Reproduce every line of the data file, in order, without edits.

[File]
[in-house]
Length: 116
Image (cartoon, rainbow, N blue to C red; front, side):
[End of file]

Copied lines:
[in-house]
Length: 116
Image (cartoon, rainbow, N blue to C red; front, side):